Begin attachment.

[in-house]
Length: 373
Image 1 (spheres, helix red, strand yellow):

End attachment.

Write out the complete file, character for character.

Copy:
[in-house]
Length: 373
Image 1 (spheres, helix red, strand yellow):